The Supreme Court ruled Monday that Ohio’s law for removing voters from registration rolls does not violate federal law.
The vote was split 5-4 with the conservative justices in the majority. Justice Samuel A. Alito Jr., said the court rejected arguments in the Ohio case that the practice violates a federal law intended to increase the ranks of registered voters.
The dissent, written by Justice Sonia Sotomayor says the law disenfranchises poor and minority voters.
Here’s a look at five takeaways from the court ruling:
1. You may have to re-register if you don’t vote regularly
Under the Ohio law, the state may kick people off the rolls if they skip a few elections and fail to respond to a notice from election officials. After skipping one federal election (every two years) voters get a notice. If they don’t respond and don’t vote in the next four years, they are removed from the voter rolls. Basically, voters are removed from the rolls if they miss three federal elections over six years and fail to return an address-confirmation card.
2. Impact on local election workers
One hurdle is likely to come from local governments, where election administrators would have to deal with disgruntled voters and manage an increase in the number of people placed on inactive voter lists, said Myrna Perez, who has studied voter list practices in her role as deputy director of the Brennan Center’s Democracy Program.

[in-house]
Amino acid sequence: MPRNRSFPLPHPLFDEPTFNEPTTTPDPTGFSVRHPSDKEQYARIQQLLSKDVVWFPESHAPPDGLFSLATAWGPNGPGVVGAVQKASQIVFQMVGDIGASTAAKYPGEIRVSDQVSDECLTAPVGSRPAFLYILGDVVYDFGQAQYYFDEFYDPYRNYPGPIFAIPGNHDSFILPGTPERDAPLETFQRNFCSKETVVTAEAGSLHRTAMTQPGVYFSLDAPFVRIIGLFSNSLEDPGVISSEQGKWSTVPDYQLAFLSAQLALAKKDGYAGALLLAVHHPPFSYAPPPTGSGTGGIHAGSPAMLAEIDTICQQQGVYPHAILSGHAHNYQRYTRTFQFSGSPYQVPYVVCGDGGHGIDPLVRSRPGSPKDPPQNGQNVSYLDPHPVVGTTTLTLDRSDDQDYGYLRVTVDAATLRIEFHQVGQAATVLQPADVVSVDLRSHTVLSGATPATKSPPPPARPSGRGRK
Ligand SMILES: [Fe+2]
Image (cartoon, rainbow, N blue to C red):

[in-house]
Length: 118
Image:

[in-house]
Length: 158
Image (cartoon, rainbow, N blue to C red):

“Using one election as an indicator is going to lead to a whole lot of false positives,” she said. “There are plenty of states that clean their voter rolls successfully without being as aggressive as Ohio.”
3. Ohio has been purging voters for a while
Ohio has used voters’ inactivity to trigger the removal process since 1994. Yet groups representing voters did not sue over the policy until 2016, after Republican Secretary of State Jon Husted tightened the approach of his predecessor, Democrat Jennifer Brunner.
Brunner’s policy was to wait for two missed federal elections — not just one — before sending the address notification to voters.
4. Do other states do this?
Yes, but none of them have a schedule that moves as fast as Ohio’s. In most states with similar laws, the voter purge process begins after voters miss two or more federal elections. In Ohio, the process starts after missing one. Oklahoma, Georgia, Montana, Oregon, Pennsylvania and West Virginia have laws similar to Ohio’s.
5. Both sides make their case
Republicans have pushed for such restrictions, arguing without evidence that they are needed to combat what they say is widespread voter fraud. Democrats have pushed back, countering that the efforts are part of an attempt to suppress voting by Democratic constituencies, particularly minorities.
The New York Times and the AP contributed to this report.
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